The Role Of The DBA


I’m back at work today after a week’s travelling around Europe followed by a week’s holiday sailing around the Ionian Sea. I have to say that I’d rather still be on holiday. It’s not that I don’t enjoy my job (I love it) but… Today, I need to install some database software – and it appears that in the last two weeks I forgot what a royal pain in the backside this process is. Either that or I left my brain in Greece…

It seems to me that the role of the DBA is to provide a bridge between the expectation and reality of database software. On the one side we have the marketing hype from the vendor promising an ideal scenario in which stuff just works (hey it’s “unbreakable!”), while on the other side is a set of business requirements defining what needs to be in place. The two seem to fit, yet in between is a yawning chasm – at the bottom of which lies a bubbling and hissing pool of error messages, patching requirements and workarounds; a lake of fire and confusion. The DBA is supposed to make this mess disappear, or at least shield the users from it, but the truth is that the gap feels like it’s getting wider. Some users are going to fall in, while others are blessedly ignorant of just how frail their support structure actually is.

There Is An Alternative…

Ok enough of the metaphors, time to offer some sort of solution. I propose that we automate some of the more mundane tasks of the DBA. Oh I know that some database vendors think they’ve already done this with their installation wizards and “one command” solutions, but we all know that these regularly fall over unless every single thing is *exactly* in the right place and the wind is blowing in the right direction.

No, I’m talking about automating the role of the DBA – the person who has to manually run the automation scripts. Yes, automate the automation. And I’ve begun already, by writing a script to perform a generic database software install. Ok so it’s only in pseudo-code so far, but it’s open sources so perhaps one of you clever people out there could build on it and credit me in the header?

So here we go. I present to you version 0.1 of the AutomaDBA solution’s Database Installation subroutine:

# Subroutine for handling installation of database software on a new host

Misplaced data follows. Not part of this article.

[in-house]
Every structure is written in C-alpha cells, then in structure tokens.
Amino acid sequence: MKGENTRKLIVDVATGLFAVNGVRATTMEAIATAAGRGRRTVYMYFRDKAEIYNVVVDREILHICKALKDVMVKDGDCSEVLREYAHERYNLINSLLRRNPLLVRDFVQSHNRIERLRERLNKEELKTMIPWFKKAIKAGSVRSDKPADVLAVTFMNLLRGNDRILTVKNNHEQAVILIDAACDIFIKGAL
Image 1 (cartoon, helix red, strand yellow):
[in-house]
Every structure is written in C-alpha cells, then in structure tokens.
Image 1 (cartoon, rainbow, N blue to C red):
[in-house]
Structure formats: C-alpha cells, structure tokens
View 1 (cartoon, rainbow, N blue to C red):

# Part of class defining the role of the Database Administrator (DBA)





	if NUMBER_OF_ATTEMPTS >= 2 then prepare_host();

	let ERRORS := install_database_software(PRODUCT, VERSION);

	while ERRORS > 0; loop

		# Check error message on Support Portal
		if (check_errors_on_metalink == FOUND) then

			case SOLUTION in
			end case;

		# Check error message on Google
		else if (check_errors_on_google == FOUND) then

			case SOLUTION in
			end case;

		# Ask anyone and everyone if they know the answer
		else if (ask_other_people_for_help == SENSIBLE_ANSWER) then



			report "Failed to install"||PRODUCT||" "||VERSION;

			# Start again or give up?

				deinstall_database_software(PRODUCT, VERSION);


			end if;

		end if;

	end loop;

#	document_successful_installation(PRODUCT, VERSION);  -- REMOVED DUE TO TIME CONSTRAINTS



	when others then

8 Responses to The Role Of The DBA

  1. obtechora says:

    looks like you got lots of frustration when installing your database software 🙂 which issue did you encounter ?

    • flashdba says:

      It wasn’t anything specific, just that I’d forgotten how much the DBA is expected to find workarounds and patches in order to do even the most basic task. It’s a classic case of two steps forward, one step back.

      It’s compounded by the fact that I no longer really work as a DBA, but occasionally have to do DBA-type activities. When you do it every day I think maybe you become more immune to it?

  2. Brian Pardy says:

    It’s a real failure how so many companies end up with such detailed documentation written and organized in a purely reference style, rather than task oriented. Everything you need is there, but finding it means going through hours of reading that you don’t need. Oracle is guilty of this, but not quite so bad as SAP.

    When your documentation is in third normal form it’s miserably hard to use.

    • flashdba says:

      I bought a roof-box for my car recently. It came in two parts – the box itself and the rails to support it – and with each part came an instruction manual. As is often the case, these manuals contained no words, only drawings illustrating the actions I needed to take. The first manual I opened told me to do a load of stuff that didn’t appear possible, using parts that didn’t appear to fit. In confusion I tried the second manual… and the very first page was a picture of the first manual being scrunched up and placed in a bin.

      I think Oracle should adopt this method of explaining how to follow workarounds for installation issues…

    • obtechora says:

      Hum, i’ve worked 6 years as Oracle EBS dba, and i can still feel the patching pain …. 🙂

  3. Brian Pardy says:

    That is classic.

    Just need to paste a MOS window into the screen on this stock photo for step 1:

  4. All your database are belong to us.

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